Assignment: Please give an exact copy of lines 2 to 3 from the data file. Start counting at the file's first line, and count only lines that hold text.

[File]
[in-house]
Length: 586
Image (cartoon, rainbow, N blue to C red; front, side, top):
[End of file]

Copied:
Length: 586
Image (cartoon, rainbow, N blue to C red; front, side, top):